Strapped with spiraling debt, the Greek healthcare, which is government-run, has had to receive gobs of international financial aid just to keep operating with some semblance of normalcy. There has also been plenty of IOUs issued, and desperate patients quietly forking over cash “gifts” to doctors to receive treatments. All in all, the healthcare situation is in utter chaos, save for those that have sacrificed their own time, often free of charge, just to help those in need.
Today, the situation has gotten even worse, particularly because the Greek healthcare system heavily relies on brand-name drugs rather than far-less-expensive alternatives. Since the entire system is clogged because of unpaid bills, many pharmacies, for instance, have had to simply close their doors. Those that still remain and continue to supply drugs on credit — these are few and far between — are being overwhelmed by long lines of desperate patients seeking life-saving medications.
“We’re not talking about painkillers here,” said one Greek woman, a cancer survivor, to Reuters. “We’ve learned to live with physical pain. We need drugs to keep us alive.“
In addition to the immediate survival needs of food and medical care, Greek utility companies are so far gone that they are on the cusp of having their power and natural gas flows cut off, leaving the entire grid dark and throwing the an entire country back to the Stone age.
We’ve seen this disaster play out over the course of the last three years, so a ‘collapse’ doesn’t have to be some waterfall event that happens over night. It can take shape over time and slowly chip away at all facets of the system until it simply disintegrates.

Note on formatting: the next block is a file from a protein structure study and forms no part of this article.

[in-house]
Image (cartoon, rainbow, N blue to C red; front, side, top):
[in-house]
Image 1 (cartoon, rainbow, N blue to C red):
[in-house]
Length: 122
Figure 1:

How will it look when it happens?
Looking at such a collapse we’ll have seen food supplies diminish and potentially disappear. The power infrastructure will be so strained by individuals and companies alike not being able to pay their bills that electricity, gas and clean water will simply stop being delivered. Emergency services personnel including health care workers, police, and firefighters will not be getting paid by a government too overwhelmed by debt, leaving many to first act as volunteers. Eventually, they will simply stop coming to work, at which point law, order, and normalcy will go out the window.
All government services will be strained, leaving those who depended on the government for their backup plan with nothing. They will either stop issuing food assistance, or it will be such a paltry amount with respect to the price of food that it will barely feed your family. Medical care will simply become unavailable, and that includes life saving drugs like antibiotics. Violence and crime will undoubtedly rise and there will be blood in the streets, as the general unprepared population struggles to cope with the new paradigm.
For those who think it can’t happen here – simply take a look around. Just about every measure of economic, financial and social health in the United States is indicating that we are reaching a breaking point.
The collapse that many say will never happen, that others are waiting for as some event that will occur in the future, is happening right here and now.
All we can do now is to learn from what’s happening in Greece and take steps to prepare today.
We can learn a lot from those on the ground in the midst of a desperate situation. Those like our friend Manos in Greece, who in a recent dispatch noted “My Shotgun is Full and Well Equipped. I Hope I Don’t Need to Use It.”